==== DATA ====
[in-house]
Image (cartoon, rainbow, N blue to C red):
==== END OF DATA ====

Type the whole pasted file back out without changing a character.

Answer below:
[in-house]
Image (cartoon, rainbow, N blue to C red):